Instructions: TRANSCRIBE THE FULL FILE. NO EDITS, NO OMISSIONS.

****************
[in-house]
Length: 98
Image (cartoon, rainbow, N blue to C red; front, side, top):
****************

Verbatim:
[in-house]
Length: 98
Image (cartoon, rainbow, N blue to C red; front, side, top):